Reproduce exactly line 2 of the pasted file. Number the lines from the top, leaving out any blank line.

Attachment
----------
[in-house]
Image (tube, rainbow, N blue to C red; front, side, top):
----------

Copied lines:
Image (tube, rainbow, N blue to C red; front, side, top):